Latest News and Comment from Education

Sunday, March 15, 2020

Sunday, March 8, 2020 CATCH UP WITH CURMUDGUCATION + ICYMI: I'm a Grandfather Again Edition (3/15)

CURMUDGUCATION: ICYMI: I'm a Grandfather Again Edition (3/15)

I'm a Grandfather Again Edition (3/15)

Beware the Ides of March, indeed. It's been a busy week and I've been a little behind on my own reading, so the list might be a little short today (and late, too). But my new grandson is beautiful.
Texas Takeover in Shepherd

A school takeover in Texas turns into a big fat mess, and the courts aren't much help.
Adios, John White

The indispensable Mercedes Schneider bids adieu to John White, who is now officially finally not in charge of education in Louisiana.
Please do a bad job of putting your courses online

Rebecca Barrett-Fox offers a perspective on the virus-induced move to online schooling. Maybe there are a few other things that are more important.
The Vicious Attack on Sweetwater Union District

Thomas Ultican has done all the homework on this tale of a California district that has been under continuous attack by privatizers.
Once Again, Teachers Are First Responders  

Nancy Flanagan reflects on how teachers often end up on the front lines when it's crunch time.
Audrey Watters and Ed Tech crisis response

If you aren't a subscriber to Watters' newsletter, you're missing important stuff. Here are some thoughts about what can go wrong with the virus-induced school closings.
Penguin Cam

Edinburgh Zoo has a live penguin cam. When you need a break from all the stress and worry--well, it's penguins!

Ohio's Charter War Fallout
10th period blog notes that Ohio has so many cyber-school students, the transition during the shutdown ought to be easily tapping into that expertise. Why isn't it?

Doubts Raised About Active Shooter Drills  
The Pittsburgh Post-Gazette takes a look at a report questioning the effects of active shooter drills in schools.


Post-Janus Union Busters Not Done Yet

If you are a teacher and you spend time on Facebook, you've probably heard from those folks at My Pay My Say , their chirpy stock photo reminding you that you don't have to pay those nasty union dues. These initiatives have been popping up ever since the Janus case gave a Supreme Court okee dokee to the idea of freeloaders in a union. Teachers who don't already live in Right To Work states have re

MAR 13

DeVos Wants To Give Teachers PD Vouchers

It's not the dumbest education policy idea to ever come out of DC. Betsy DeVos is continuing to champion idea that she has pushed before-- giving teachers professional development vouchers and letting them go shop for their own professional development experiences. When floated in 2019, the idea was obviously not about kind thoughts about teachers or even philosophical consistency for the choice-l

MAR 12

DeVos Actually Sparks Bipartisan Action In Senate

You may recall that Betsy DeVos really, really, really hates the idea of forgiving the loans that students took out to attend what turned out to be fraudulent predatory not-so-good for-profit universities, to the point that when she had to sign off on loan forgiveness paperwork left over from the previous administration, she felt compelled to add " with extreme displeasure " to her signature. Eith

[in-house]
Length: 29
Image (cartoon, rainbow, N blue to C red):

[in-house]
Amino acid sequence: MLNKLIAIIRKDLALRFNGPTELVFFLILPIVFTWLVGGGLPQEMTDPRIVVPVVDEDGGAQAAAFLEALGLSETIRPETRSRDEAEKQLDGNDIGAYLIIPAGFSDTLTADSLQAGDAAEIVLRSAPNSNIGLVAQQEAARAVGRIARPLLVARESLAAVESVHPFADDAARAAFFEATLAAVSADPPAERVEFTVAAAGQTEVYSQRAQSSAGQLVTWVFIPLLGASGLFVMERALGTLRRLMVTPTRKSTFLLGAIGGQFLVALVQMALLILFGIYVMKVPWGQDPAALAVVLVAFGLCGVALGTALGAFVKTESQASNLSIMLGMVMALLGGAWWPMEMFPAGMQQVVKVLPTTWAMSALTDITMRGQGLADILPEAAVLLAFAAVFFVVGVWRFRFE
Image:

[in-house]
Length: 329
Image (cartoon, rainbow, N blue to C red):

MAR 11

Administration Matters

This tweet turned up the other day. I interviewed a teacher who is leaving the profession in June. I asked her why she was quitting. Her response: “I was told to teach to the test...that if it’s not a test-taking skill, don’t teach it. I didn’t become a teacher to help kids become better test-takers.” #EdChat — Fixing Education (@FixingEducation) March 9, 2020 I wish the teacher hadn't slipped in

MAR 09

DeVosian Priorities and Public Service

There's nothing new to see here, but it's still worth noting what DeVos tells us about her priorities. From a recent interview with a conservative Christian podcas t-- let me just set these side by side: "I was fortunate enough to be born into a family that raised me to make my faith my own," she said. "I had exposure from my first memories to weekly church services." "I'm grateful to have had tha
The Gates Team Wants To Swing For The Education Fences. Maybe There’s A Better Way For Them To Play.

It says something about Bill Gates that after using the expression “swing for the fences” in the title of his foundation’s annual letter , he also feels the need to explain it: That’s a phrase many Americans will recognize from baseball. When you swing for the fences, you’re putting every ounce of strength into hitting the ball as far as possible. You know that your bat might miss the ball entire

MAR 08

ICYMI: Losing An Hour Edition (3/8)

Surely it's about time to end this whole Daylight Savings baloney. Because as I sit here this morning, it hardly seems worth it. But here's some reading from the week: Voucher Programs Undermine Religious Liberty The Baptist Joint 

Words Matter: Pandemic Edition – radical eyes for equity

Words Matter: Pandemic Edition – radical eyes for equity

Words Matter: Pandemic Edition

As the U.S. stumbles toward addressing COVID-19 concurrent with economic concerns connected to the pandemic as well as unrelated international events, such as oil futures, Henry David Thoreau’s “Civil Disobedience,” with its focus on slavery and 1840s America, may seem even less relevant than when many of us were assigned the essay in high school.
But Thoreau’s first few paragraphs capture well the problems with public discourse, notably on social media, about the role of government during a time of national emergency spurred by a pandemic.
Immediately, Thoreau lays out the libertarian grounding of his argument:
I heartily accept the motto,—“That government is best which governs least;” and I should like to see it acted up to more rapidly and systematically. Carried out, it finally amounts to this, which also I believe,—“That government is best which governs not at all;” and when men are prepared for it, that will be the kind of government which they will have.
It is important to recognize here the essential idealism in libertarian thought (and to admit this idealism is little different than the idealism of Marxism/communism that libertarians and other conservatives point to in CONTINUE READING: Words Matter: Pandemic Edition – radical eyes for equity

Children and families impacted by the coronavirus need help NOW - EdAction March 15, 2020 - Education Votes

EdAction March 15, 2020 - Education Votes

EdAction March 15, 2020

Children and families impacted by the coronavirus need help NOW

By a vote of 363-40, the House of Representatives passed on March 14 the Families First Coronavirus Response Act (H.R. 6201) to help children and families impacted by the coronavirus. NEA sent a letter to House members supporting the legislation last week. (Click here to find out more about K-12 school closures across the nation.)